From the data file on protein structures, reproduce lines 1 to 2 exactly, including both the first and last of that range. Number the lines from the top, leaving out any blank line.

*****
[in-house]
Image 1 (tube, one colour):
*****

[in-house]
Image 1 (tube, one colour):